Illustration: Alex Castro / The Verge
Google is continuing to build more helpful new features into Google Maps to assist people trying to navigate around cities that have begun emerging from the COVID-19 pandemic. When you look for public transit directions, you’ll now see “relevant alerts” from transit agencies about mandatory precautions you’ll need to take — such as wearing a face covering. And if a public transit line is temporarily suspended due to the ongoing COVID-19 response, you’ll hopefully get a heads-up about that, too.
Maps is making it easier to see how crowded a train station usually is, but since that historical data might not necessarily apply right now, you’ve still got the option of viewing live data for “crowdedness.”
“Simply search for a station in Google Maps or tap on the station on the map to see the departure board and busyness data, where available,” Maps product director Ramesh Nagarajan wrote in a blog post. Google Maps pulls this anonymized information from people who have enabled location history on their Google account. The company notes this setting is off by default, but Google’s apps make a habit of encouraging you to turn it on for the best experience.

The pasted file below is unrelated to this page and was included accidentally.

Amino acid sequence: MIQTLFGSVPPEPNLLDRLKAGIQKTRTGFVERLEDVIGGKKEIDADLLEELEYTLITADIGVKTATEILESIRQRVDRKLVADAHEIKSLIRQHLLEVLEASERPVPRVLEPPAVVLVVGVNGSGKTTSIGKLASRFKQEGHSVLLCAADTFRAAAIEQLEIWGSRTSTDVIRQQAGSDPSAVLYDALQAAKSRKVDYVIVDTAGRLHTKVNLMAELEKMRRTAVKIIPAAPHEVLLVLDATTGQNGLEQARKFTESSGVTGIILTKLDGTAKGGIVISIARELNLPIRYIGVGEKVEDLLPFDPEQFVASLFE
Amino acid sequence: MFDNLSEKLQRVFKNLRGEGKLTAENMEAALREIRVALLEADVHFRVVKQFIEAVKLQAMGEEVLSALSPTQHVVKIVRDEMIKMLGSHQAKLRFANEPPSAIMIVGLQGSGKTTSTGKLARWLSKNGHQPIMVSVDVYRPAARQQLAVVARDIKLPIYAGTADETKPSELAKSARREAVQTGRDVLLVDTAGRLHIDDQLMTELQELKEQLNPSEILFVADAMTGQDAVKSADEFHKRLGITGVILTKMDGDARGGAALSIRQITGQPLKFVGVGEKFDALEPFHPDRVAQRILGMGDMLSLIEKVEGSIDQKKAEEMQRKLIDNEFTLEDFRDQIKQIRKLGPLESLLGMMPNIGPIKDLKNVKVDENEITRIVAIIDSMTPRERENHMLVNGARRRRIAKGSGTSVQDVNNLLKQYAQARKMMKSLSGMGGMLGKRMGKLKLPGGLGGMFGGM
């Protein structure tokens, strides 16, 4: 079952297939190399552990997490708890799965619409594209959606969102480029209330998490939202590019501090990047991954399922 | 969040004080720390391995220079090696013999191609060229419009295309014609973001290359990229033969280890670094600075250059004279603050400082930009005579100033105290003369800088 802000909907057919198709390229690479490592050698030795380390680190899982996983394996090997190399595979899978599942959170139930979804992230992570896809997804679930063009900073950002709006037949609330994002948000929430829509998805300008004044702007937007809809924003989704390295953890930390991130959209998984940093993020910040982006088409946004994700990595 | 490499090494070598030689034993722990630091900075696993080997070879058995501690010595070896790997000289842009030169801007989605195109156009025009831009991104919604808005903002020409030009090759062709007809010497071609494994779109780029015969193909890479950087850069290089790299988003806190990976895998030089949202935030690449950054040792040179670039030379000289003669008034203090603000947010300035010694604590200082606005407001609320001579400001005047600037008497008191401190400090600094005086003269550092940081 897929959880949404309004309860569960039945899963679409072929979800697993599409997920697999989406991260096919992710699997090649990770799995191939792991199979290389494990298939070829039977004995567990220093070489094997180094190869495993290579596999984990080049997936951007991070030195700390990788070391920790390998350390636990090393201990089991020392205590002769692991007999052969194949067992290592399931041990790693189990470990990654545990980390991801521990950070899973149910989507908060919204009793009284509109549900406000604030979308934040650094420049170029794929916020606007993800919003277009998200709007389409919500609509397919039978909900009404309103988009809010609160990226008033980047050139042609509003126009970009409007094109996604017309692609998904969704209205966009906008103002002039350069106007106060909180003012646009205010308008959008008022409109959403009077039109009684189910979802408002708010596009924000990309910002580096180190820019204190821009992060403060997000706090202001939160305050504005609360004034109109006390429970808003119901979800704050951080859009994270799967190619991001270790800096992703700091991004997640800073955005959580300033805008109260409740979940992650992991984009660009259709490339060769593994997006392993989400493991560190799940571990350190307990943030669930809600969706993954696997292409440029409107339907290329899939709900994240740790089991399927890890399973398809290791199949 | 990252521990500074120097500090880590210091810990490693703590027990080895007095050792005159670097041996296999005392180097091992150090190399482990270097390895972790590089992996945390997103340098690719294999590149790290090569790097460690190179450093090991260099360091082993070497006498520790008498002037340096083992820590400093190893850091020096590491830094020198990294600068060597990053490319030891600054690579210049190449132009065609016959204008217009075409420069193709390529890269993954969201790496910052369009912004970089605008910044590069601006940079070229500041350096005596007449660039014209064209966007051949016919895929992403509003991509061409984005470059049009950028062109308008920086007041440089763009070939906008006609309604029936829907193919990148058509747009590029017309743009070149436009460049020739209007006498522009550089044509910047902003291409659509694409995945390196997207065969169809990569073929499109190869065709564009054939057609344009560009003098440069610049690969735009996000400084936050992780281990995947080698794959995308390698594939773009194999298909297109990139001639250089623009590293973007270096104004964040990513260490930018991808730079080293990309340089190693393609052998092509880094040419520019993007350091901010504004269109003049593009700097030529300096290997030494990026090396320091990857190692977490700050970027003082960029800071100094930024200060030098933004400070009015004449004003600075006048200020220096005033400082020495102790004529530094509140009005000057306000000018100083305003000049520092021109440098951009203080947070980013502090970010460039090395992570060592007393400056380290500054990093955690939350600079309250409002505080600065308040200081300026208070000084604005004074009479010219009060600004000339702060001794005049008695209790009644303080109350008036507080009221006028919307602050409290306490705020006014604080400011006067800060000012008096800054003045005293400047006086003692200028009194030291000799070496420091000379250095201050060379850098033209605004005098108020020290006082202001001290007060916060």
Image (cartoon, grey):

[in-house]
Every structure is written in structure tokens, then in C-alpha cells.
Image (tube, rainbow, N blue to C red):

Additional alerts are also coming to driving mode, which will “notify you about COVID-19 checkpoints and restrictions along your route, like when crossing national borders (starting first in Canada, Mexico, and the US).” Google will show these alerts on the main directions screen and also after navigation has started if your route will be impacted.
And lastly, when you enter a medical facility or COVID-19 testing center as your destination, Google Maps will nudge you to do a bit of quick research to make sure you won’t be turned away once you get there. “An appointment may be required for COVID-19 testing here,” is one example of this alert, which will roll out beginning this week for medical facilities in Indonesia, Israel, the Philippines, South Korea, and the US.
Back in March, Google Maps began encouraging users to call their doctors if they were experiencing novel coronavirus symptoms before going to hospitals and other sites. This came during the surge of COVID-19 cases worldwide, when some health facilities were getting overwhelmed. Google has also put greater emphasis on takeout and delivery food options in the app while many restaurants remain closed to dine-in customers.